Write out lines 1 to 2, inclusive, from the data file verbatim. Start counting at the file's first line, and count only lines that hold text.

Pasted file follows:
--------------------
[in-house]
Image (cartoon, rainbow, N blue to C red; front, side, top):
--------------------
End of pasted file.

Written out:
[in-house]
Image (cartoon, rainbow, N blue to C red; front, side, top):